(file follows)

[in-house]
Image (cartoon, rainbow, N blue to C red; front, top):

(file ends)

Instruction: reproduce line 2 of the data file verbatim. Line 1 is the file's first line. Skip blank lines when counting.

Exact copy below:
Image (cartoon, rainbow, N blue to C red; front, top):